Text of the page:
Copper, zinc levels highlighted in latest Kenai river study

Sep 6, 2018

 

Gulls are the main culprit in exceedingly high levels of fecal coliform bacteria found in the lower Kenai River.
Credit John Reed/USGS

The salmon run has gone from red to silver, but some summer projects are still being wrapped up on the Kenai River. The Kenai Watershed Forum will conduct its last sample of the season Friday, searching for bacteria and their sources in the river.

 

 


Watershed Forum Executive Director Branden Bornemann told the Kenai city council Wednesday night that they’ve been able to do more in their research this year than simply identify levels of bacteria. Namely, fecal coliform. They’ve been able to analyze those contaminated water samples and pinpoint what kind of animal left their mark.

“No surprise to anyone, the highest contributor of bacteria to the mouth of the Kenai River were gulls. Anybody that’s lived here, spent time on the beach can understand this. We did get a few other hits. We got a horse, we got a pig, we got a dog and I believe we got a human. But the principle point is gulls are the source contributor of this bacteria.”

Studies of this sort have been going on for nearly a decade because those bacteria at the mouth, and other factors upriver, put the Kenai in violation of certain water quality standards, and it happens pretty consistently every year. The common wisdom is that regardless of human activity, which is to say dipnetting, there would still be a lot of gulls hanging around the mouth of the river, eating fish, and leaving the remains of their digestive efforts near and in the water. So, in partnership with the Department of Environmental Conservation, researchers are working to establish baseline data over the long term.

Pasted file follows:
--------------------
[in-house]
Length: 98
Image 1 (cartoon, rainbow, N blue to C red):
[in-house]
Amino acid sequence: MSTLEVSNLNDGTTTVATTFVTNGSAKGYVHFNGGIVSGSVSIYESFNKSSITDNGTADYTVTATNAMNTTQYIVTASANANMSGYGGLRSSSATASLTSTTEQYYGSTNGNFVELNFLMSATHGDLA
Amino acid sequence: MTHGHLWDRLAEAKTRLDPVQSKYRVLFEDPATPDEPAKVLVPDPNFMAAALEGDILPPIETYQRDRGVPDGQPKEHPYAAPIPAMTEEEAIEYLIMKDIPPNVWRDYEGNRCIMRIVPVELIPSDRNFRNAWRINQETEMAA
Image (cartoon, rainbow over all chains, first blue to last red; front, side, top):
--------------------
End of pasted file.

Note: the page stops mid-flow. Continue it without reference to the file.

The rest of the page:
“We’ve set ourselves up to be able to talk about this as use patterns change, as recreation patterns change, as the ecosystem itself changes," Bornemann said.

And the ecosystem itself is changing. Those same sampling exercises have also turned up elevated levels of zinc, copper and other pollutants, which is to be expected in any area as it develops. Bornemann says those numbers are getting to a point on the Kenai where more research can be justified.

“If we end up listing it as a Category 1 or Category 2 based on this data, that opens the door to us for further investigation. It gives us an opportunity to spend a little more money, target our sampling, and figure out if we have a source, how often that source is present and potentially, what we can do about it.”

A likely first step is getting all of this information into the state’s integrated water report, but that’s been a struggle. DEC is supposed to turn in such a report to the Environmental Protection Agency on an annual basis. Finger pointing over other water quality issues on the Kenai has held that up, and it’s unclear when the state's report will make its way to the feds.

 

Note: Branden Bornemann sits on the KDLL Board of Directors.